This may take a while.
[edit 30 12 12]
note edit in earlier post.
VCC 2010 beckons as the way to build and link the project.
Just touching base to let you know I haven't given up on porting the code; bit of a journey though.
I've switched to using MS VC++ 2010 express and am using the Max 5.1.7 SDK, and am compiling by a process of elimination: follow the compiler output, and address the code issues. It feels like progress, and I've found at least one blooper in the SDK.
I'd appreciate some guidance; your source provides four folders for jit_utils, mesh, process, and centroids - I'm trying to compile the .cp files in each of the folders:
Should I compile them in a particular order?
Do any of them depend on another to compile?
Following on from my previous post, I've got a couple of specific questions:
You have a folder and files called "ml_jit_utils.h" but also #include "ml_k1_jit_utils.h" in some other files. Am I right in thinking these are one and the same file?
ml_k1_mesh~.c includes this file "ProcMeshWGM.h" but it is not present in the downloads. Could you clarify how I should proceed with this? Is it something that is generated from an initial compile of something?
Sorry I didn't notice your post until now.
I don't see either of these filtes on my disk and I believe they were renamed, or dead ends. I would try removing the #includes and if the code compiles without them, you are good. If not, let me know what functions seem to be missing and I will get you those!
The relationships between .c(pp) and .h files should be given in the files themselves, in other words what is including what. So order should not matter and if you put them all into a project they should compile.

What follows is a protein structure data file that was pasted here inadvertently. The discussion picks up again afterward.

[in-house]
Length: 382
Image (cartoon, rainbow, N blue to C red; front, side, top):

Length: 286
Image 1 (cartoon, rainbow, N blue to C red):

Sorry for the state of the code! It's fairly old and I guess no one has tried this before. It's good you are on VC++2010 Express because that's what I use for Windows too. When you make your way through this I will definitely post a cleaner version with what you've learned.
Thanks for the advice.
I wanted to confirm which objects I should focus on compiling and so tried loading the max patches into Max5 (without any objects to see which errors it gave for unfound objects. It couldn't find the mesh~ and process~ objects. From this I deduce, these are the only objects I need to build, with centroids being unnecessary, and the jit-utils.h file being the only item needed from that folder. Should have done that first eh? :-\
I commented out the ProcMeshWGM.h include.
compile for both mesh~ and process~ stop with a load of unresolved symbol errors, whilst the compiler is compiling a library and object. I'm pretty much out of my depth with that.
I have compiled a number of the examples in the SDK, and they all compiled fine, and I checked in Max that they do actually work. I did a jitter object as well just to be sure.
So: process~ and mesh~. What I've done is start with the 'collect' example in the SDK, and replaced text 'collect' with 'ml_k1_mesh~/process~' as appropriate, and renamed files as appropriate. Then brought in your source files, renaming .cp as .cpp for process and .c for mesh~ (just to see if it made a difference - changing all the references as appropriate in the 'collect-originated' files.